In what appears to be a cost-cutting measure, House Bill 971 by Baton Rouge Republican state Rep. Steve Carter would restrict UL Lafayette and most other public universities in Louisiana from traveling beyond 375 miles for non-football and -basketball games. Not surprisingly, the bill exempts all LSU sports. Carter, it should be noted, is a former LSU assistant athletic director and tennis coach.
The bill would effectively kill full conference play by most public universities in the state — UL Lafayette, UL Monroe, Louisiana Tech, , UNO, Northwestern State, McNeese State, Southeastern Louisiana, Nicholls State, Grambling State and Southern — all of which belong to athletic conferences that, like virtually all athletic conferences within the NCAA, have far-flung membership.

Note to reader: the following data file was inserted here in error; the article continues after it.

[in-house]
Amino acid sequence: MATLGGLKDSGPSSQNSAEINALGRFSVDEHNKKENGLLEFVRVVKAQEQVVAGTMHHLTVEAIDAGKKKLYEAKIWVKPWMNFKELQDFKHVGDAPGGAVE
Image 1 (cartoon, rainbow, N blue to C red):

In the case of UL, baseball, track, golf and every other sport that isn’t football or basketball including our beloved and perennially nationally ranked Lady Cajuns softball program would be prevented, by law(!), from playing games or in tournaments hosted by (see map below) Appalachian State in Boone, NC (727 miles away), Arkansas State in Jonesboro (396), Georgia Southern in Statesboro (624) and Georgia State in Atlanta (510). Lady Cajuns softball, which has earned its place among the nation’s top programs, routinely plays tournaments as far away as California. No more of that if HB 971 passes.
Depending on how distance is calculated — as the crow flies versus highway miles — the law could also block UL from playing games against or participating in tournaments hosted by Texas State in San Marcos (335 miles by air, 380 by bus) and Troy University in Troy, Ala. (375 by air, 419 by bus).
If distance is calculated by highway miles, UL would be prohibited from competing against six of the 10 universities that comprise the Sun Belt Conference in all sports except football and basketball. Obviously there’s no way the Ragin’ Cajuns could remain in the Sun Belt Conference if House Bill 971 were to pass, which it can’t possibly. We think.